A road trip from Norfolk, UK to Schaffhausen, Switzerland – 4th June 2017.
What do a group of woodwind instrument makers do when they want to go on a trip? They visit other instrument makers! An invitation from Kung recorder makers was made last year when 2 of the makers came to the UK. So we thought it would be rude not to take them up on it.
Myself, Peter Worrell (clarinet and flute maker), Daniel Bangham (period clarinet maker), Paul Windridge (Flute maker and repairer) and Tim Cranmore (Recorder maker) decided to make the journey, accompanied by Robert Bangham (Daniels’ son) and Rob Abineri (design consultant). The vehicles of choice are my Figaro (of course) and a 1935 Armstrong Siddeley.
The preparation for such a road trip was undertaken by Daniel, who booked all our stopover destinations. With the ferry booked from Dover to Dunkirk, there was nothing stopping us.
I prepared the Figaro for as much as I could think of. I am new to this road trip game. Checks were made on all the essentials, oil, water, tyres and many other checks. A final clean and polish before we started off was made. Got to have the Figaro looking its best for the continent.
Wacton, Norfolk to Sidcup, Kent. 158 miles
My travel companion was Paul, who drove from Leicester to Wacton. After an afternoon of catch-up we set off on the first leg of the journey, to my daughter Frances’s university digs in Sidcup. Frances was keen for a free lift back to her home, although I did mention it would be a little cramped in the back of the Figaro, with luggage. But luckily, she is not of a tall stature. I did notice a certain relief when we turned into her driveway and she was able to stretch her legs.
We realised very quickly that the Figaro is not the biggest car in the world and it may have been prudent to have left the travel iron, books, coffee percolator and cake at home. Although I am sure there is always room for a fruit cake.
Sidcup to Crecy Sur Serre (France). 205 miles
Tootle down the A2 to Dover and catch the ferry where we meet up with the Armstrong and its occupants. They’ve driven from Cambridge, starting out at 5.30. There will be some tired travellers later. The crossing is an easy one and the Armstrong took the lead when we docked in Dunkirk. Strangely all the cars went to the right or straight on when exiting the terminal. However, we turned left at the first roundabout. Petrol stop I thought. Yes, fuel was needed for the Armstrong (it only does 15 to 20 miles to the gallon as it is a thirsty straight 6 cylinder) but it was also time for Google maps to take over the navigation. Set the app for cycle route and it means you stay off all the main roads and see more of the little villages and countryside. You still have to keep an eye out for dedicated cycle paths though. Arrived in Crecy Sur Serre at about 6pm for a meal at the hotel.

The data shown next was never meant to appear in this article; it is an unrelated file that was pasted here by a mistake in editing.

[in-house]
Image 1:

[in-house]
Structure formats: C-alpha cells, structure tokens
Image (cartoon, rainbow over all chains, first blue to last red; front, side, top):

Crecy Sur Serre to Clocher (France) 224 miles
Time for a quick check of the vehicles before we set off. The Armstrong only requiring oil and water. The Figaro was running fine. It wouldn’t be a good road trip without some jeopardy. A burnt hand prior to the journey was causing Daniel some concern, so we spent a lot of the day detouring to a pharmacy, a doctor and the finally the hospital. Everything was fine after a jab and re-dressing of the wound. It did mean arriving at the converted convent accommodation a bit later than anticipated.
Clocher to Engen (Germany) 149 miles
You would not even know we had crossed into Germany, apart from the road signs all abruptly changing language. The style of driving from the Germans instantly became a talking point, certainly not as laid back as the French. Staying at a motorway service hotel does not strike me as the most exciting venue, but the view across the terrace to the mountains was astounding.
Engen to Schaffhausen (Switzerland) 48 miles
A little short hop over the border to Switzerland, and the main treat of the journey. A tour of the Kung recorder workshops. Fantastic.
Schaffhausen to Wasselonne (France) 129 miles
Only minor problems with the Armstrongs starter motor. Nothing that a squirt of WD40 couldn’t solve.
Wasselonne to Crecy Sur Serre 249 miles
Stopping to put the hood up, we lost our guide car and decided to go it alone back to the first hotel destination. After a brief lunch, the sat-nav got its knickers in a twist and we got a little lost, but nothing too serious. Our longest drive of the journey and a cold beer was a very welcome beverage when we were greeted by our hotelier.
Crecy Sur Serre to Wacton 283 miles
The last stretch of the trip. Slightly late for the ferry after a leisurely lunch in a wood yard. Made all the more exciting by a hairy last 40 miles to the port. It must have been a spectacle seeing a 1935 car and a Figaro close to the speed limits going around roundabouts on 2 wheels. Back on British soil I was keen to get back home and pushed the little Figaro a bit hard and the temperature gauge went a bit high, but a few slower miles bought it back to normal.
We covered 1445 miles in 7 days and if you think the Figaro is not up to a long haul, then think again. I did have to buy new tyres for the front as the tracking was quite out when I got home but apart from that the Figaro started and ran smoothly the entire journey. It negotiated the mountains with little more than a sniff.
It would be difficult to beat driving on quiet country roads with the top down in the sunshine in your Figaro.